Overall, Yakupov’s good hands and good skating fits him in well with the St. Louis up-tempo style of play. Players like Jaden Schwartz and Robby Fabbri have already succeeded with many of the same skills. Hitchcock really emphasized that these are the traits he, and the other St. Louis coaches, want to work on. “We want to enhance his skill set,” Hitchcock said. “We’re going to really push him to do the things he does well. We want him doing it every day and having the confidence to do it every day.” Hitchcock went on to say that the organization has experience dealing with offensively-focused players before, citing Fabbri as a specific example, and he knows how to go about making them better.
Where Yakupov really struggles, is when he doesn’t have the puck. In the defensive zone, Yakupov seems lost. That’s one of the downsides that lead to him being booted out of Edmonton. Hitchcock knows about this weakness, and knows how to go about improving it.
Hitchcock said he wanted to start out the season by working with Yakupov on his strengths, and then work on making him a better defensive player. “The stuff without the puck is going to take time and we’re in no hurry. We’re not going to turn a player into a defensive specialist and we don’t plan on doing that.”
One thing the Blues have that the Oilers didn’t, is the ability to take their time with Yakupov. The Blues has one of the strongest defensive lineups in the league, and they have forwards who are very good in the defensive zone as well, such as Paul Stastny and their entire fourth line. They have the time to make sure Yakupov isn’t rushed to perform, and is confident in all three zones of the ice.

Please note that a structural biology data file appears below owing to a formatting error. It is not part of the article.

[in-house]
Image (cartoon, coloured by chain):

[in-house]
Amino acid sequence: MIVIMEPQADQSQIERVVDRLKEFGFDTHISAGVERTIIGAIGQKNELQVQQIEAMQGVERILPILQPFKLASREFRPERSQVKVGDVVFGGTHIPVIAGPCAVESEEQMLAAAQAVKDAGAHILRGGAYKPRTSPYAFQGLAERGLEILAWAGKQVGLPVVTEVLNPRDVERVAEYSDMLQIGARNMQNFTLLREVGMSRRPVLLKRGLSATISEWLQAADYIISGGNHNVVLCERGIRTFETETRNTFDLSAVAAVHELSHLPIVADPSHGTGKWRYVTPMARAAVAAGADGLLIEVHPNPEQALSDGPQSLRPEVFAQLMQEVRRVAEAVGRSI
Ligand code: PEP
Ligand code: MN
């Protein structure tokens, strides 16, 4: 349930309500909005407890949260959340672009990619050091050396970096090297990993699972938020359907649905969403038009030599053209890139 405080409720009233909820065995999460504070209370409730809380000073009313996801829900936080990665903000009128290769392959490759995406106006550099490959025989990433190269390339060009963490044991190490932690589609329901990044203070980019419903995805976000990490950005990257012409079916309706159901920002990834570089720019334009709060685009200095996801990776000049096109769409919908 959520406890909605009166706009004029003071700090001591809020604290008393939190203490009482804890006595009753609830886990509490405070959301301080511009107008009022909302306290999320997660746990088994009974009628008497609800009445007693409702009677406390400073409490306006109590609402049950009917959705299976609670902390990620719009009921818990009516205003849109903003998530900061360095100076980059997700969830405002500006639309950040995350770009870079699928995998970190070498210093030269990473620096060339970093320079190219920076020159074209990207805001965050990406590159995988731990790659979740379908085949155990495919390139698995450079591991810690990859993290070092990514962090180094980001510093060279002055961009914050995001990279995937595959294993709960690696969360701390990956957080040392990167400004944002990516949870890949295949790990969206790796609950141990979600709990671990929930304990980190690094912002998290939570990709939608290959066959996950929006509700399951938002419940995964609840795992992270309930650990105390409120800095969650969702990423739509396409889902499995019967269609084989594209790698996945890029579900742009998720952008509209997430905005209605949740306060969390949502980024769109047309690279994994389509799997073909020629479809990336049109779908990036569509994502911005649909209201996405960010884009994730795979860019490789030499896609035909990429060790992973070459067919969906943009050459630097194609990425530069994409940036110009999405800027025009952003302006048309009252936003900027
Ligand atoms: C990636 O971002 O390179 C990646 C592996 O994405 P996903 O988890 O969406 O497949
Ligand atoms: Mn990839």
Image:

However, Yakupov was also a drama queen in Edmonton. He had problems in the locker room, and that’s the major reason he was dealt away so cheap. This shouldn’t be such a problem for the Blues, as Yakupov is coming into the city already being friends with Tarasenko. “We never played together on the same team when [we were in] juniors. We just started talking maybe a couple, three years ago, and [went] for dinners together. He’s a great player and [has a] good personality. I think he will do well here,” the star winger told NHL.com.
If he’s right, Yakupov will fit in fine with the Blues, and there’s nothing to worry about. This comes as a relief to the Blues locker room and coaching staff, as everyone has their eye on David Perron, who was traded to the Oilers in 2013 because of locker room problems. With Alex Pietrangelo becoming the new captain, the last thing he wants is a team that can’t function off the ice, because that translates to problems on ice.
For the Blues, the main challenge right now is making sure Yakupov comes to St. Louis and blends well with the team. They need to find the right linemates for him, and make sure he feels comfortable on the ice with the team. This is crucial, as being traded to a new team can take its toll on a player.
Yakupov seems excited to join the Blues, though. He said, “This is a top team in the League, and to be there and to win games, I think it’s going to be good. I don’t know what winning is, and I’d like to feel that, and I think this is a team where I can feel it.”